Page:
This week, the Union for Reform Judaism disbursed its second round of disaster relief funding to support rebuilding efforts following Typhoon Haiyan. To date, the URJ has released nearly $250,000 for the relief efforts, and we continue to partner with both North America and Philippines-based NGOs to support the most critical needs related to the recovery. Here is a summary of the March 2014 allocations:
During the 125th annual Central Conference of American Rabbis (CCAR) Convention, more than 60 Reform rabbis will shave their heads to raise awareness of and funding for pediatric cancer research. As the religious leadership of Reform Judaism, the CCAR Rabbis strive for justice and wholeness and health in the world in for all people. At the same time, through the CCAR, the rabbis support one another in their rabbinic and personal lives. Shave for the Brave has been a catalyst in uniting members of the rabbinic community who have lost children and brought the entire community together to support each other. The convention brings together members of the CCAR, the rabbinic leadership organization of Reform Judaism, with more than 2,000 Reform rabbis providing religious leadership in all walks of life. The connection between the Reform rabbinic community and pediatric cancer advocacy began with the story of Samuel “Superman Sam” Sommer (pictured here), the son of Reform rabbis Phyllis and Michael Sommer. Sam succumbed to leukemia in December 2013. The Sommers documented Sam's battle with cancer on their blog, Superman Sam.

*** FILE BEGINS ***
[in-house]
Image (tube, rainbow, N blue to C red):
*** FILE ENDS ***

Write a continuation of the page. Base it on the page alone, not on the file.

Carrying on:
By Cantor Wally Schachet-Briskin The music and the style of song leading as it has been popularized among Reform youth has moved the Jewish world. Music in NFTY and Reform camps, which began in 1951 in Wisconsin, seems to have been defined by the era in which it was sung, affected greatly by world events, politics, and technology. Camps were where adolescents gathered to form communities: mini-societies. Singing begins as a family activity, and this “family” atmosphere is created in the camp community. Repertoire at the West Coast’s Camp Saratoga, which was established in 1951 (and later became UAHC Camp Swig and then URJ Camp Newman), was chosen from American folk songs, some Hebrew, a little Yiddish, and hymns from the old Union Songster. The first songleader at Swig in 1955 was Cantor William Sharlin, an accomplished composer in his mid-30s, who had been to the Union Institute in Wisconsin the previous few summers. He was the first staff member with a professional music background, and was hired to take singing to the next level. Since Cantor Sharlin had come from the only other Union Institute, the repertoire of both was virtually the same. The songbook that Camp Saratoga used was from the Jewish Agency from the 1940s. No set curriculum was instituted, although most of the song sessions helped prepare for Shabbat. By the second summer Saratoga was in session, the natural phenomenon of “tradition” had come into play: what was sung the first summer was “how we’ve always done it.” The kavanah [spontaneity] of the first campers had become the keva [fixed] of the second summer. This circumstance has been both a blessing and a curse to the camping movement ever since.